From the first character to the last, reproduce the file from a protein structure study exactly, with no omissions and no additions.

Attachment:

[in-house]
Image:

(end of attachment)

[in-house]
Image: